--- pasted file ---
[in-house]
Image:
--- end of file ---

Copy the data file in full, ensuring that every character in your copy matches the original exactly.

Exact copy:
[in-house]
Image: